If your social media feeds are anything like mine, you can’t get very far in them without catching wind of the latest celebrity being “cancelled” or seeing someone propose who the next one to cancel should be. Twitter hashtags and the influence of widespread movements for accountability, namely #MeToo and the current cries for accountability in the American police force, gave rise to this “cancel culture.”
For those who don’t know, to cancel someone is essentially to subject them to social death, to excommunicate them from public life because of suspected or substantiated wrongdoing. At the movement’s heart, then, is a basic morality and belief in justice and due repercussions. For example, Harvey Weinstein, superstar film producer turned convicted and detained sexual abuser was one of the first big names to be cancelled. He almost unequivocally lost the public’s support once news and evidence of his abuse allegations came to light. Bill Cosby and R. Kelly have entertained similar levels of infamy and ostracization for their records of sexual abuse. But the core critique of cancel culture is that we don’t always see it target such obviously iniquitous figures. It is true that we should be concerned about any movement that seeks to punish serial rapists the same way it punishes people who make boneheaded tweets.
Not long ago, the #CancelJemele hashtag was gaining traction on Twitter. Most people using the hashtag were condemning sports journalist Jemele Hill as transphobic for an eleven-year-old tweet in which she admits that she found the nickname “Manny the Tranny” both “inappropriate and hilarious.” I hope we can agree that this clearly tone-deaf tweet, while hurtful to some and unnecessary to all, does not warrant the social ruin we believe is deserved of sexual deviants, violent racists and other legitimate criminals. There were calls to cancel rapper J. Cole after his last single struck a nerve with much of the Black community, who felt that the song, which constituted a confession and explanation for his relative silence in the wake of protests against police brutality and racism, was misogynistic and/or egoistic at points. This is perhaps the foremost example of cancel culture’s perversion. To cancel someone was never about simple disagreement or decade-old tweets. Many people attempting to cancel others today do so out of a particular and often biased disapproval of a celebrity’s actions rather than an objective analysis of the “cancellable” activity. Because the latter is nearing obsoletion, more and more things are becoming cancellable.
But the many zealots of the culture do not negate the importance of its original purpose, just as the worst members of any group do not speak for the group itself. Those who want to cancel everything that doesn’t sit quite right with them are just as confused as those who write off cancel culture on the whole as overzealous, virtue signaling and the emphasizing of emotional responses above logic. How can we reasonably believe that Jemele Hill is deserving of social death for what she did?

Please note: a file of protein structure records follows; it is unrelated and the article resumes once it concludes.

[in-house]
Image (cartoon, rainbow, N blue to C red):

There is no debating that the original aims of cancellation have veered far off-course, but this is simply endemic to any group of people that we expect to be just and impartial. Cancel culture has made anyone who uses social media into a gatekeeper of the public arena and armed them with the threat of total career annihilation to anyone who rubs one of them the wrong way. As humans, we are already inclined toward bias and folly, and the potential for both increases exponentially in a position where only the qualification is a Twitter account.
The talk I hear about how cancel culture needs to be done away with reminds me of a conversation I once had in high school. Upon hearing my friend use the word “feminist” derogatorily, I asked him what he had against the party in question. He told me that he disliked feminists because they hate men. Surely you can spot the problem. Not every feminist hates men and not every person calling for someone to be cancelled is being “emotional.” In fact, it could even be said that someone who hates men can’t be a feminist, since feminists believe in equality and equity between the sexes. Like the case of my friend, it appears that much of the animosity of the day is bred and steeped in ignorance. Perhaps some time spent off of social media could be helpful.
In conclusion, cancellers: Perhaps we should focus less on Jemele Hill and more on the real threats to our society, like the ever-growing class of politicians and millionaires with verifiable records of misconduct, or at the very least people whose transgressions took place in the last ten years. Surely some of us have made a mistake since 2009. 2010? That was like yesterday, you monster.